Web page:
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October 13, 2013

What Makes Drivers Angry

Dear Traffickers:

I learned something from this issue of themail, and that is why drivers are so angry at the bicyclists they encounter on Washingtonís roads. The answer isnít that drivers are afraid that bicycles will injure them. Bicycles may dent or scrape cars, and can pose a real danger to walkers, but they are unlikely to injure drivers. But drivers live in perpetual fear that bicyclists, through their recklessness and disregard of traffic laws, will cause an accident in which they will be hurt and for which drivers will be blamed. Over time, after enough provocative and dangerous encounters with freewheeling cyclists, drivers begin to view cyclists as tricyclist toddlers, without enough maturity or sense of responsibility to share the public roads. At the same time, cyclists portray drivers as homicidal maniacs bent on running them down.

Speaking of misconceptions, one bicyclist wrote to another, who forwarded it to me, that I was censoring his messages to themail, which proved my bias. Iíve searched my inbox, and I havenít found any message from this person to themail during the past year. As Iíve written several times, E-mail isnít perfect. If you donít see your message printed in themail in a timely fashion, and I donít send you an explanation, write me. On the other hand, the same bicyclist wrote that the Cleveland Park listserv was censoring him, and not publishing his messages, and when I searched my mail for his name, I found four issues of the Cleveland Park listserv that published his messages in the month of July alone.

Gary Imhoff


Two-Wheeled Entitlement
Jack McKay,

Iím a bicyclist, and I was a bicycle commuter back in the 1970ís, long before there was the least bit of District encouragement for bicycling. I can report many incidents of abuse by aggressive, bicyclist-hating drivers, such as the guy who carefully nudged his bumper up against my back wheel as I was stopped, waiting for a red light to change, and forcibly shoved me out of his way. But those incidents are no excuse for the outrageous behavior of too many bicyclists on DC streets. Here are a few examples, and every DC driver will recognize these aggressive-bicyclist behavior patterns: 1) Iím driving north on 14th Street, and Iíve got a green arrow for a "protected" left turn. But that oncoming bicyclist is not about to stop for any red light, and she imperiously holds up a hand to command me to stop and wait. Sheís going to run that red light, and we drivers with the green are supposed to stop and wait for her. 2) Iím driving south on 18th Street, and stop at a four-way stop. Then I start up, only to have a bicyclist zip through from the right, glaring angrily at me as if Iím supposed to stop and wait for him while he runs his stop sign. 3) Iím driving south in Columbia Heights, stopped at a stop sign at Park Road, close to the curb, as is legally required for a right turn ("as close to the curb as practicable," says the law). The bicyclist behind me is not about to slow down for any stop sign. Unable to pass on my right, he races past on my left, then turns hard right directly in front of me, inches from my front bumper, and speeds on his way. 4) Iím driving south on Mount Pleasant Street, and stop for a pedestrian at a crosswalk. The bicyclist behind me is not about to slow down for any mere pedestrian, and he races by, first past me on the right, then directly in front of the pedestrian, forcing her to stop abruptly to avoid being hit by the bicyclist.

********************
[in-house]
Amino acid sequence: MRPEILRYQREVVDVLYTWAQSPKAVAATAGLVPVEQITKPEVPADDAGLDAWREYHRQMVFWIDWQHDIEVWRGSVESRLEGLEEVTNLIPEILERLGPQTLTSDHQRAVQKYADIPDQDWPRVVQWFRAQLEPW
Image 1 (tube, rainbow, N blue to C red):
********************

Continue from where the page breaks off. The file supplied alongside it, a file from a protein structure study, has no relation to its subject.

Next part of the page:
Yes, Iím a longtime bicyclist, and I tell other bicyclists that if you want respect, start by respecting traffic laws. That some drivers occasionally violate traffic laws themselves is no excuse for flagrant, repeated, willful violation of traffic laws, and rude behavior towards automobile drivers and pedestrians, by bicyclists. That behavior defames those of us who take bicycling seriously, and bicycle responsibly.


Safety Laws Apply to and Benefit Everyone
A. Loikow,

I must disagree with Paul Baskenís post on "Four-Wheeled Entitlement," themail, October 6. Traffic safety laws, whether they apply to trucks and automobiles, bicycles, or pedestrians, are necessary for the safety of everyone using the public streets and sidewalks. Unfortunately, too many people in all these categories do not know the laws and, even if they do, do not respect and obey them ó to the detriment of their personal safety and that of others using public space.

At least drivers are required to pass some minimal tests on knowledge of the rules of the road. Bicyclists using the roads are subject to the same rules but receive little or no training in the law and often have no knowledge that it applies to them too. Similarly, pedestrians distracted by their cell phones and I-pods often pay no attention to traffic and whether anyone can see them at all when they dart out into the road. Cyclists who ride in the dusk or dark without lights and reflective clothing and markings on their bicycles are often similarly difficult or almost impossible to see.

Not obeying traffic signs and signals or making sure that you are visible to other traffic of whatever kind is dangerous for everyone. This is an entirely avoidable situation and the onus is on the driver, cyclist, and pedestrian to obey the law and make sure they travel safely and can be seen. As the days get shorter and the weather worse, please donít assume others know you are there. Each of us has an obligation to obey the law, practice common courtesy, and take appropriate protective measures to safely travel.


Bicyclists at New Hampshire and V, NW
Hila Berl,

Jack McKay, who is an ANC1D commissioner and a bicyclist himself, pointed me towards your site. I saw Alma Gatesí posting and could not agree more. Almost every day on my way to work I have to deal with bicyclists going the wrong way on V Street, NW, from 16th towards 15th Street or turning into New Hampshire Avenue. It does not matter if I look twice, use the crossing properly, or act extra carefully. They come full speed, almost always unseen because of the parked cars, often wearing no helmets. And ó they get annoyed with me. True, there is a bike lane they can take once they are on New Hampshire, but ó silly me ó I do not think that they should be turning into it from V, going against the traffic. So I am with Ms. Gates. When will DDOT stop giving bicyclists a pass on regulations?